US8286707B2 (en) * 2007-07-06 2012-10-16 Halliburton Energy Services, Inc. Treating subterranean zones
US8167960B2 (en) 2007-10-22 2012-05-01 Osum Oil Sands Corp. Method of removing carbon dioxide emissions from in-situ recovery of bitumen and heavy oil
US8176982B2 (en) 2008-02-06 2012-05-15 Osum Oil Sands Corp. Method of controlling a recovery and upgrading operation in a reservoir
US20090292571A1 (en) * 2008-05-20 2009-11-26 Osum Oil Sands Corp. Method of managing carbon reduction for hydrocarbon producers
US8209192B2 (en) 2008-05-20 2012-06-26 Osum Oil Sands Corp. Method of managing carbon reduction for hydrocarbon producers
US20100058771A1 (en) * 2008-07-07 2010-03-11 Osum Oil Sands Corp. Carbon removal from an integrated thermal recovery process
US7854260B2 (en) 2008-07-21 2010-12-21 Baker Hughes Incorporated Steam driven turbine drive
WO2010011520A3 (en) * 2008-07-21 2010-04-01 Baker Hughes Incorporated Steam driven turbine drive
WO2010011520A2 (en) * 2008-07-21 2010-01-28 Baker Hughes Incorporated Steam driven turbine drive
US20100011767A1 (en) * 2008-07-21 2010-01-21 Baker Hughes Incorporated Steam driven turbine drive
US9422797B2 (en) 2009-07-17 2016-08-23 World Energy Systems Incorporated Method of recovering hydrocarbons from a reservoir
US8387692B2 (en) 2009-07-17 2013-03-05 World Energy Systems Incorporated Method and apparatus for a downhole gas generator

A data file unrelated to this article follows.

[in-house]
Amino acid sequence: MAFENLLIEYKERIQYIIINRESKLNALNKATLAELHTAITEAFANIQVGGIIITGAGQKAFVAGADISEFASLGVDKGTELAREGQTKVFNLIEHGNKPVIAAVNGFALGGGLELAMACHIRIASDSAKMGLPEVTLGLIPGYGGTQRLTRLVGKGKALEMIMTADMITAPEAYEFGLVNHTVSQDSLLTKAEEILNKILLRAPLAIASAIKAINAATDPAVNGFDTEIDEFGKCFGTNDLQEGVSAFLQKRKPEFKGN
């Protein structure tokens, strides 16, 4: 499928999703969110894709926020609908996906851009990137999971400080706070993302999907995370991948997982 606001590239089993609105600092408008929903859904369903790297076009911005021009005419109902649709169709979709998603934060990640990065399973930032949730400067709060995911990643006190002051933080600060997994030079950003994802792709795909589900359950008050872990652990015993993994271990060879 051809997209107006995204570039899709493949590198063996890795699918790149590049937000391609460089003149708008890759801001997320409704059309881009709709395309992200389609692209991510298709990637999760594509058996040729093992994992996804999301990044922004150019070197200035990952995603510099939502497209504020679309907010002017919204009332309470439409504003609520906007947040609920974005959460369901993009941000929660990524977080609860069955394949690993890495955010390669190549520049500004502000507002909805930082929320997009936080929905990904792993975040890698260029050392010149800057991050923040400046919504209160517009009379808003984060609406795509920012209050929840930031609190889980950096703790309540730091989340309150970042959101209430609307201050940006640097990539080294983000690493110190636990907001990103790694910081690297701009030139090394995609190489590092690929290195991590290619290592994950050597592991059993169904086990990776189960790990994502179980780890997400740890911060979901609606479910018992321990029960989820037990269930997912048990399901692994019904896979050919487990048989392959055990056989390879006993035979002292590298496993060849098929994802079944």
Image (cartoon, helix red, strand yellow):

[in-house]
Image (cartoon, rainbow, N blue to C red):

US20110127036A1 (en) * 2009-07-17 2011-06-02 Daniel Tilmont Method and apparatus for a downhole gas generator
US8613316B2 (en) 2010-03-08 2013-12-24 World Energy Systems Incorporated Downhole steam generator and method of use
US9617840B2 (en) 2010-03-08 2017-04-11 World Energy Systems Incorporated Downhole steam generator and method of use
US9528359B2 (en) 2010-03-08 2016-12-27 World Energy Systems Incorporated Downhole steam generator and method of use
US20150083412A1 (en) * 2012-01-04 2015-03-26 Siemens Aktiengesellschaft Device and method for obtaining carbonic substances from oil sands
US9383094B2 (en) 2012-06-25 2016-07-05 Orbital Atk, Inc. Fracturing apparatus
US9388976B2 (en) 2012-06-25 2016-07-12 Orbital Atk, Inc. High pressure combustor with hot surface ignition
US9383093B2 (en) 2012-06-25 2016-07-05 Orbital Atk, Inc. High efficiency direct contact heat exchanger
US9228738B2 (en) 2012-06-25 2016-01-05 Orbital Atk, Inc. Downhole combustor
US9291041B2 (en) 2013-02-06 2016-03-22 Orbital Atk, Inc. Downhole injector insert apparatus
WO2017031346A1 (en) * 2015-08-18 2017-02-23 Harnischfeger Technologies, Inc. Combustor for heating of airflow on a drill rig
US10132130B2 (en) 2016-08-18 2018-11-20 Joy Global Surface Mining Inc Combustor for heating of airflow on a drill rig